Highland Journey

Highland Journey: In the Spirit of Edwin Muir
Birlinn Ltd, Edinburgh 2009, 111 pages, map and 50 illustrations.
Hardcover ISBN 978- 1-84158-782-0

Tom Normand

In the intermittently warm summer of 2006 the eminent Scottish photographer Robin Gillanders chose to go on a Highland journey. Buying a ‘second-hand campervan’ which he fitted with a rudimentary darkroom, and purchasing a ‘thirty year old large format camera’ with various lenses, he set out to record this journey in photographs. His inspiration was Edwin Muir’s Scottish Journey. This travelogue, published in 1935, was an impressionistic ‘state of the nation’ written by one of the country’s most illustrious poets and intellectuals. Gillanders would reprise Muir’s expedition while documenting the people and landscape in his photographs and accompanying these images with a narrative commentary. Highland Journey: In the spirit of Edwin Muir is the wonderful product of this creative adventure.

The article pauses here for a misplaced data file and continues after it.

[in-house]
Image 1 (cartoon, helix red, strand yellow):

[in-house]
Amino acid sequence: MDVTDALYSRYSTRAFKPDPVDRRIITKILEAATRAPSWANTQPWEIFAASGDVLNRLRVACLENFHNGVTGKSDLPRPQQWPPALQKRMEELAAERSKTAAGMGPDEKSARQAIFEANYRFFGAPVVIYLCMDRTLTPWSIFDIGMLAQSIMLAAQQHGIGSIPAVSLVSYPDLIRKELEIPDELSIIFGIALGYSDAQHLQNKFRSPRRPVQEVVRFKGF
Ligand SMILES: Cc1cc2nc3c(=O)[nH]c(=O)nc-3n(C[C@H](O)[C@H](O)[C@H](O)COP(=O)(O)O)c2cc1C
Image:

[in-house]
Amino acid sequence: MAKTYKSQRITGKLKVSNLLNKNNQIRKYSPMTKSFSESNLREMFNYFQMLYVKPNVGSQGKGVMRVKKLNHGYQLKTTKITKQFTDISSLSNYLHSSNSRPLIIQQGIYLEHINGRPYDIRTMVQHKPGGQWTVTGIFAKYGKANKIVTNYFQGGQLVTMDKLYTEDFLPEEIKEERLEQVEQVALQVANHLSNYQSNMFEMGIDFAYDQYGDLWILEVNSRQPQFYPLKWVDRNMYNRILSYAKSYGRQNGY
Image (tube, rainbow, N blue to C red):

Gillanders is best known as a portrait photographer and in this capacity he has created some of the finest images of his peers, and Scotland’s intelligentsia. In his creative association with Ian Hamilton Finlay, the poet and conceptual artist, he has photographed many landscapes, most notably the artist’s garden ‘Little Sparta’. But this new project he has described as ‘documentary’ and has accepted the burden of ambiguity laden in this troublesome category. More challenging still he is required to acknowledge the precedent of that giant of ‘documentary’, Paul Strand, whose own Scottish journey took him to the islands of Benbecula and South Uist in 1954. Like Strand’s Tir a'Mhurain this new book is replete with fine images of individuals and impressive landscapes, and like Strand there is in Gillanders’ photographs an interest in people, pattern and texture. Gillanders, however, has followed Muir in narrating his impressions and observations of the Scottish Highlands, and these warm, witty, sometimes elegiac reflections complement his fine photographs in this book.